I have a geeky obsession. I’m sure I wouldn’t be a GeekMom without at least one of those, right?
Our family has a 2006 Toyota Prius, which we absolutely LOVE! Sometimes Dave and I wish we had a Mustang instead for the coolness factor, but the practical side of us really appreciates having this car! All the techno-gadgetry is a Geek Dream come true!
Last week I drove from the Florida panhandle up to Long Island to pick up the kids from their grandparents’ house, where they had spent the 2nd half of July. This meant two days of driving all. by. myself. I actually welcomed this, it was a beautiful drive — particularly among the pecan farms of eastern Alabama, and I had minimal traffic and weather problems. I was well rested, and made sure to eat healthy foods on the road so I didn’t have food comas or tummy troubles on the drive.
I try to keep my brain engaged on my drives with geeky tasks like mentally calculating what time I’d need to stop for gas, and with the Prius and Garmin GPS I had not one but two additional mental exercises that kept those dull kudzu-covered stretches of I-85 tolerable.
Activity #1: Guess What Time I’ll Arrive
I have a Garmin StreetPilot c340 GPS, circa 2006, I guess. It’s older, but it still works. We updated the maps in 2008 but haven’t done it since. Unlike our Honda Pilot’s built-in GPS system which tells us how many hours/minutes until our arrival (independent of what time it is), our Garmin presents in the lower left corner the calculated arrival time. This is great because I can pass along this information to friends and family when I’m getting near my destination.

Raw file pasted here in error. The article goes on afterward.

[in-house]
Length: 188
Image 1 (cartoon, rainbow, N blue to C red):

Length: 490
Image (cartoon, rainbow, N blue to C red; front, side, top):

That anticipated arrival time isn’t very accurate when you pull out of your driveway at 7am with an 11-hour drive ahead. Last Wednesday I decided to try to arrive at my sister’s in North Carolina as close to the arrival time shown as of 6:15am Central Time. The arrival time shown when I pulled out of my driveway: 6:08pm Eastern Time.
Equipped with two peanut butter and jelly sandwiches, sodas, water, fruit and nuts, I only had to stop for gas and bathroom breaks, and didn’t even feel the need to buy any food on the road. I only needed to put gas in the car every 300-350 miles, so I attempted to stop every 150 miles or so just to keep the blood circulating. Every other stop was a gas stop.
When I stopped — whether for gas, a restroom break or even at a traffic light in some of the small towns I drove through — I’d see that arrival time tick upwards and I’d get frustrated. When I’d cruise on the interstates at 5-7mph over the speed limit, I’d happily see the minutes peel off the arrival time…about 5-6 minutes per hour.
I arrived at my sister’s house at 6:13pm Eastern Time, only 5 minutes later than the GPS predicted I would.
Once the kids were in the car with me for the return trip, there was no way I could keep up with such an activity. Similarly, taking I-95 paralleling the Northeast Corridor on Day 2 made it tricky. I arrived at my destination on Long Island 1 hour, 40 minutes later than the time predicted when I left central North Carolina that morning, thanks to the evening rush hour. But on Day 1 it was fun and kept my brain engaged!
Activity #2: Maximize the Mileage
Having a Prius means having that nifty screen in the center of the dashboard that can continuously update your mileage. It’s admittedly quite a distraction when you first get the car, but now I’ve learned to tune it out and pay attention to the road. On this trip, however, I was greeted with incredible mileages and it made me return my attention to the console. And it became somewhat of a challenge for me — how high can I get this mileage???